Sunday, March 26, 2006

The horrendous costs of an American failure in Iraq

Judith Yaphe raises a number of very important points, but the dilemma of the U.S. position in Iraq is that many of the arguments for staying are also arguments for leaving. For instance, has the U.S. occupation of Iraq really made progress in the Arab-Israeli conflict more likely? Hasn't the U.S. already given Iran a substantial geopolitical "present" by virtue of toppling Iran's nemesis and thereby offering Iran freer access to Iraq? This is not to imply that the U.S. should summarily withdraw from Iraq, but it does suggest that the U.S. invasion was extremely imprudent. While the U.S. is in a process of disengaging from Iraq the U.S. government would be very well advised to intensify its dialogue with Iran and constructively reengage on the Israeli-Palestinian front.
The Daily Star - Opinion Articles - The horrendous costs of an American failure in Iraq: "If Iraq somehow survives intact, everyone will take credit. If it fails, the blame will be placed squarely on the American doorstep. The costs of failure will be measured in the increased risk of wider Sunni-Shiite conflict, the undermining of regimes long friendly to the U.S., and the prospect of jihadists controlling whatever Sunni state emerges in the former Iraq. More worrisome, failure, accompanied by a U.S. withdrawal, will reaffirm for many that domestic American politics in an election year can reshape international commitments and security strategies regardless of international conditions.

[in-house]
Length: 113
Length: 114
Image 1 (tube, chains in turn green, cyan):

The consequences for Iraq will be far worse. Failure accompanied by American military disengagement will signal the beginning of all-out civil war. To date, religious extremists, nationalists, disgruntled Baathists and military officers and the remnants of Saddam's terror squads have scrimmaged while the Kurds watch. Failure and withdrawal will most likely mean war in which Arab fights Arab for territorial control of a new Iraq under one leader, faction, clan, sect, or party. Nothing will be sacred or safe, not even an independent or autonomous Kurdistan regional authority."

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